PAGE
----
Local Tory bosses warn MPs not to block no-deal Brexit as crunch Commons vote looms
Local Tory bosses have warned their MPs not to block a no-deal Brexit ahead of a looming Commons showdown this week.
Conservative party officials from around the country voted overwhelmingly for a motion that said scuppering the UK’s departure from the EU would “damage democracy and our party for a generation”.
It is believed that at least 30 Tory MPs - including some ministers - are prepared to defy the Government by backing an amendment on Wednesday that would block a no-deal departure.
Three Cabinet ministers - Amber Rudd, David Gauke and Greg Clark - last night indicated they would vote for the plan which could force the PM to delay Brexit if negotiations remain deadlocked.
But Tory association chairs on the National Conservative Convention piled pressure on any MPs thinking of backing the amendment in a motion passed by 72 to 15 at a meeting on Saturday.
The motion stated: “The National Convention supports the commitments the Prime Minister has made to the country to honour the European Union referendum result of 2016, that having triggered Article 50 we will leave the European Union on the 29 March 2019.
“Another referendum, a delay beyond the European elections, taking ‘no deal’ off the table or not leaving at all would betray the 2016 People’s Vote and damage democracy and our party for a generation.”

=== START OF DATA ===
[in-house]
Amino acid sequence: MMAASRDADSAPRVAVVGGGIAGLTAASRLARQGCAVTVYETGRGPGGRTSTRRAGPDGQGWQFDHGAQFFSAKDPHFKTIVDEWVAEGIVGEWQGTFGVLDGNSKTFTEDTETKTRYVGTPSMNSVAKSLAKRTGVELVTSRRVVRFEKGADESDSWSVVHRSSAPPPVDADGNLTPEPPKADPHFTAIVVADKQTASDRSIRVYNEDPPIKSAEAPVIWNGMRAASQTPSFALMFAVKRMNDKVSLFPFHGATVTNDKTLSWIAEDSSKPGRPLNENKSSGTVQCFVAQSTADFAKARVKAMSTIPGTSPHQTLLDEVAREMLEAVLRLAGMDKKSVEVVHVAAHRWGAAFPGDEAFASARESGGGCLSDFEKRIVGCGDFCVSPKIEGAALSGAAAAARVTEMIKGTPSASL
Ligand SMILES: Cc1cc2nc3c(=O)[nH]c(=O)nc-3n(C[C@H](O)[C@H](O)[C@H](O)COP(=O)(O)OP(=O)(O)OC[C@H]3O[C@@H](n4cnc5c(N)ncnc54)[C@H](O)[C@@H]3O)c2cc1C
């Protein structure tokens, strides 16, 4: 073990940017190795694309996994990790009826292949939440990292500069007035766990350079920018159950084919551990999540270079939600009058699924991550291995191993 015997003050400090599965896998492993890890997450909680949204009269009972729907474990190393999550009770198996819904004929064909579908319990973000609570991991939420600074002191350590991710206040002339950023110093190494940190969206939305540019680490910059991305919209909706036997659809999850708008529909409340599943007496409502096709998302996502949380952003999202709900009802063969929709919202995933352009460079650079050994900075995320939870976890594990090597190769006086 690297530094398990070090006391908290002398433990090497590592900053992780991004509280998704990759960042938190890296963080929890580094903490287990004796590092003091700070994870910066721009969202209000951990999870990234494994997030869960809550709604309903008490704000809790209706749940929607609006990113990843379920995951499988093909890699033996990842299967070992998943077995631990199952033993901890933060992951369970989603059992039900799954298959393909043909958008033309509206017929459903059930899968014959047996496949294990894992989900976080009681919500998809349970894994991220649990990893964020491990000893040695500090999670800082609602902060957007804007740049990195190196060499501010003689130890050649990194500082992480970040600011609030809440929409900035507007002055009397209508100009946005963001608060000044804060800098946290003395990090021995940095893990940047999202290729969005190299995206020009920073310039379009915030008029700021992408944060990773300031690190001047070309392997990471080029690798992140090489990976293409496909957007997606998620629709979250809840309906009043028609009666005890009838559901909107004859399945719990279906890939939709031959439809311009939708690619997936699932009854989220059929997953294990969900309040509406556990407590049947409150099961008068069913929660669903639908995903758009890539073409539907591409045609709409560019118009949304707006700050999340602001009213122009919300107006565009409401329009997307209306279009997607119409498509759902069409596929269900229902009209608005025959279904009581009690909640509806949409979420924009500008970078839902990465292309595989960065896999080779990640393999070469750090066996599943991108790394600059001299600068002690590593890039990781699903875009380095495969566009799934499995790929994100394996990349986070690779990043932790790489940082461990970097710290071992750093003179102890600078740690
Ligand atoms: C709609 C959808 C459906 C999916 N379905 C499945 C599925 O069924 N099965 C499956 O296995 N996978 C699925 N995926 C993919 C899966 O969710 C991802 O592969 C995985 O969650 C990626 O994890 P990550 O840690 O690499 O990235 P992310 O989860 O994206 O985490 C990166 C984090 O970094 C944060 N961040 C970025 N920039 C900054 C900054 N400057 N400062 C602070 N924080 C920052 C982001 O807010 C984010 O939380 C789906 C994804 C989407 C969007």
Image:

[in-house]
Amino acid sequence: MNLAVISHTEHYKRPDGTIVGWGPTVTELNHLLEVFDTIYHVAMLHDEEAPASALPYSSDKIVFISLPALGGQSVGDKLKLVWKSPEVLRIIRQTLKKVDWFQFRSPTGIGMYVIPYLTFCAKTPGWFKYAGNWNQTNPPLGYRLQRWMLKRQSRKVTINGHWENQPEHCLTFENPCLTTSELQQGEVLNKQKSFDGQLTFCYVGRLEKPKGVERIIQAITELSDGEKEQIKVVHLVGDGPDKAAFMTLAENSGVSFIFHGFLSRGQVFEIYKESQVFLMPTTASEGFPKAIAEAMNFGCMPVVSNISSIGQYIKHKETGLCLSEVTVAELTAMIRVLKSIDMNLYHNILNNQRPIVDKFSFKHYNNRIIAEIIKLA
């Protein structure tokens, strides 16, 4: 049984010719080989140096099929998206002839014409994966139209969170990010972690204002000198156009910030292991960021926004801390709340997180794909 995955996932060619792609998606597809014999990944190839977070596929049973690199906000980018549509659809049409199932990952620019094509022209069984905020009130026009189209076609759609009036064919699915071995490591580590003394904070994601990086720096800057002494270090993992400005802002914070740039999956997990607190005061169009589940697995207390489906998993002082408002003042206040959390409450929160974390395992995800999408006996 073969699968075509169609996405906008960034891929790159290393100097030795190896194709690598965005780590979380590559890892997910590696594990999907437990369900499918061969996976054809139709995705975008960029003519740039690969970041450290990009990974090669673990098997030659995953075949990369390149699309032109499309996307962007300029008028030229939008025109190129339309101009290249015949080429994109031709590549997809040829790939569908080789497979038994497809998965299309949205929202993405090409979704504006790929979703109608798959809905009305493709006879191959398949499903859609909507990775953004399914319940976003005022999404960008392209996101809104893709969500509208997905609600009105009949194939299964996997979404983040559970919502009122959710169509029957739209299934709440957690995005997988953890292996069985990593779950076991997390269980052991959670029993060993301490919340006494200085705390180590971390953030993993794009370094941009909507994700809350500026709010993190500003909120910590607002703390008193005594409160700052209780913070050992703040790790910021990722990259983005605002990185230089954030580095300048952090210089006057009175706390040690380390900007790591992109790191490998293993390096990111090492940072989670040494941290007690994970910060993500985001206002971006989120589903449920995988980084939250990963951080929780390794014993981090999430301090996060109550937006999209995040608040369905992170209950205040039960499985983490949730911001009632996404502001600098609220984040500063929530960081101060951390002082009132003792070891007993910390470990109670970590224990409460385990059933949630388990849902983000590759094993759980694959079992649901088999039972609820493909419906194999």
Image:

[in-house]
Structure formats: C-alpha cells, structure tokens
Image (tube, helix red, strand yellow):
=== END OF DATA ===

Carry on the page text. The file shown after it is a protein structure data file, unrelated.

The plan to block a no-deal Brexit is set to be tabled by Labour MP Yvette Cooper and Tory MP Oliver Letwin, as an amendment to the progress report motion the PM is set to put to the House next week.
It would hand backbenchers the power to seize Commons time for a bill which would force the PM to hold a vote by mid-March on whether to leave with no-deal or extend Article 50 - assuming negotiations remain deadlocked.
The NCC motion was submitted by Dinah Glover, the chair of Bethnal Green & Bow Conservative Association and London East Area. It is rare for NCC members to submit motions for debate.
Ms Glover told PoliticsHome last month that the motion was a “polite reminder” to Tory MPs that “trying to frustrate Brexit is not acceptable”.
She said: “It is important that no-deal has to remain on the table because that actually strengthens our negotiating position."
And she added: “If MPs are working against a very significant part of the Conservative manifesto then they should build into their calculations that deselection procedures may be brought against them.
“But it is up to their individual associations whether that is a route they would like to go down.”
It comes after reports that a number of pro-Remain Tory MPs are facing the threat of deselection by their local parties.
Three MPs - Anna Soubry, Heidi Allen and Dr Sarah Wollaston - resigned the whip this week in protest at the party position on Brexit and the pressure within their local associations.
In January, more than a dozen Tories helped pass a Commons amendment calling for a no-deal Brexit to be ruled out.
The call, tabled by Meriden MP Caroline Spelman, was backed by 17 colleagues on the Tory benches, including former ministers Ken Clarke, Justine Greening and Nick Boles.